By Ann Wylie
January 28, 2013
Call it the bailout point.
People reading news on an iPad spent an average of 78.3 seconds on stories that they didn’t finish. That’s according to EyeTrack: Tablet, the Poynter Institute’s 2012 eyetracking study.
So how can you keep your reader’s attention? Here are three findings from Eyetrack: Tablet.
Put a “gold coin” at the bailout point to keep people reading, Poynter researchers suggest. That could be a provocative question, a juicy detail, a plot twist or another element to regain interest.
If people read at an average of 200 words per minute, then that means you’d include a gold coin after about 250 words.
Other bailout points to be aware of include:
Half of online “readers” actually just scan, according to Poynter’s 2007 eyetracking research. The same is true of iPad “readers.” Of the total audience in the EyeTrack: Tablet study:
But break out older and younger readers, and those numbers change. The Poynter Institute looked at two different demographics for this study.
Digital natives: These 18-to-28-year-olds are among the first adults who don’t have strong memories of life before digital media. Of this group:
Printnets: These 45-to-55-year-olds have one foot in the print world, the other in the online world. Of this group:
Don’t decide that young people and scanners have attention deficit disorder: These folks spent as much time as older people and methodical readers absorbing information — they just did it differently.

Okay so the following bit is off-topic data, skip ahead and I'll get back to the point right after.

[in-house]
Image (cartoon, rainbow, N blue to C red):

“It’s the style, not the degree, of consumption,” says David Stanton, managing developer at Smart Media Creative, who worked on the study.
Mario Garcia goes further. The CEO of Garcia Media and founder of the Graphics & Design program at the Poynter Institute for Media Studies, adds, “There’s a scanner inside every methodical reader.”
The reverse is also true: Scanners often read methodically once they find what they’re looking for.
Tablet design adds touch to the other elements of electronic communication. Most people keep nearly constant contact with the screen.
When organizing your copy, consider how readers will interact with your content. “Avoid the ‘frustrated finger’ when designing for tablets,” Garcia says. “Engage the finger as well as the brain and eyes.”
Copyright © 2013 Ann Wylie. All rights reserved.
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